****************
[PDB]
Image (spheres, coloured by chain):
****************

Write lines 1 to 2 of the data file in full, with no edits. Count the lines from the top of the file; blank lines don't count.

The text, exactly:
[PDB]
Image (spheres, coloured by chain):